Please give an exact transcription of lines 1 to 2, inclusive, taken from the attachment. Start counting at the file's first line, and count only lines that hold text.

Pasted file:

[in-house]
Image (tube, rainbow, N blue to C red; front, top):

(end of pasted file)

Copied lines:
[in-house]
Image (tube, rainbow, N blue to C red; front, top):